Nothing will make you appreciate the skills of a skilled oarsman (or woman) than getting behind the wheel yourself.  A talented rower works on his or her angler’s fly drifts as hard as the angler, as the boat needs to equal the speed of the dry flies or indicator moving down the river.  This requires a myriad of small adjustments, whether it is slowing down or speeding up the boat, as well as the angle of the boat in relation to the bank, the distance kept between the boat and the sweet spot, and so on.  We have all ridden with someone who doesn’t pay attention to these subtleties, and the boat feels like it is flying past the honey holes all day. 

You also pick up the nuances of boater etiquette as you learn, which includes being tidy and surgical on the boat ramp, staying clear of private property, giving other anglers a wide berth, and the host of other ways you can be an effective and conscious river steward.  If you have the itch to learn to row, hit up that friend that has a boat and get some stick time!  (Hint:  Your stock will rise if you bring the food, beer, and run the shuttle..)

Words by Scott Spooner
Photographs courtesy of Jeremy Stott, Taylor Logsdon, Mike Thomas and Scott Spooner
Reprinted from "On the Fly" in the Aspen Times and Post Independent

Sunday, April 20, 2014

Oh April, Where Art Thou?

Are you tired of midge fishing the last five months?  April is the panacea for winter-weary fly fishers here in the valley.  Blue Winged Olives are the harbinger of spring here, and there is some furious surface activity already underway on the lower Roaring Fork and Colorado rivers.  BWOs, or baetis are on the scene in spring and fall, and the fish are keyed in on them almost exclusively at this point.  But this is just the tip of the iceberg.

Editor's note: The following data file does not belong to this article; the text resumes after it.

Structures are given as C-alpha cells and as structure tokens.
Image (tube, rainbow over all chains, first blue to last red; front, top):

Just mentioning the word caddis causes most of us to shudder and salivate in anticipation of skating dries and exploding surface action.  Tax day through Mother’s Day is the sweet spot for caddis fishing, even though they will be on the menu for the next five months.  Be on the water mid-day and again at dusk to keep that rod bent.  

Golden Stoneflies are the giants amongst lilliputian bugs we normally deal with, and these aquatic double cheeseburgers are in the process of molting right now.  Stoneflies are extremely vulnerable to trout when they shed their exoskeletons and are temporarily whitish-yellow in color, and it’s no secret that blonde stonefly nymphs are on the end of many fly fishers tippets right now. 

April also brings pike and carp fishing back to the forefront, especially for guide’s day off excursions.  Most people jealously guard their secret spots, especially when it comes to carp, and for good reasons.  Tricking these paranoid 10, 20 and 30 pound omnivores isn’t easy, and can be just as challenging as stalking bonefish on Bahamian flats.